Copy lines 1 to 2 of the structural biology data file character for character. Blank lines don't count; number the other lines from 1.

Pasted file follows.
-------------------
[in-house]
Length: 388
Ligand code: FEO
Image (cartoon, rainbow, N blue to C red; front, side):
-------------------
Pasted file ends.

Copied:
[in-house]
Length: 388